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Recession in NZ. Real? Fantasy? Quick? Slow?

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  • Recession in NZ. Real? Fantasy? Quick? Slow?

    A sort-of vague question for resident Kiwis.

    What are you seeing and hearing? I'm not
    referring to media or official BS, just "what's
    the word on the street?"
    I appreciate that
    not all such gossip can be substantiated.

    At a recent social club meeting, places for
    a mid-winter get-together were discussed.
    Inquiries revealed that one place was now
    only trading Thu, Fri, Sat & Sun and another
    was closing down on Friday.

    In a phone call today, I was told of an iconic
    (long-established, local) hairdresser's closure.
    An electrical wholesaler has closed a suburban
    branch to consolidate on the 'one in town.'

    A tenant contacted me to say that last Friday's
    rent AP had failed and the tenant would be
    'round with the cash, early next week.'

    I wonder if people expected the/a recession
    to be accompanied by a trumpet fanfare, 21-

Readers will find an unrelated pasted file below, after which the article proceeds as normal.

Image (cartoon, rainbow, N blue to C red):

gun salute, plus thunder & lightning?

    I see it (how do you?) as a slow, meandering
    thing. A shop closed here; a finance company
    failed there; two used car yards amalgamating;
    a factory shut down; people being made redun-
    dant; a mortgagee sale . . . .

    Just slow and steady, down the gurgler.

    What signs do you see & hear, about you?
    Want a great looking concrete swimming pool in Hawke's Bay? Designer Pools will do the job for you!

  • #2
    I could fill pages with businesses and people going to the wall over the next 8 to 12 weeks. I call it the end of the beginning.
    The banks are determined to avoid starting an avalanche but I don't know how long that can last. There are an awful lot of people in trouble still. Not to mention those not paying PAYE and GST etc.

    Comment


    • #3
      Well, Dean, not wishing to be provocative,
      I was more meaning what's happened (past
      tense) rather than what's predicted. Prophecy
      is a dangerous thing, as most politicians know